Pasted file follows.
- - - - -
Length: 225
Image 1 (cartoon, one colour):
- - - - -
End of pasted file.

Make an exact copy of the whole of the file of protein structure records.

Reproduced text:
Length: 225
Image 1 (cartoon, one colour):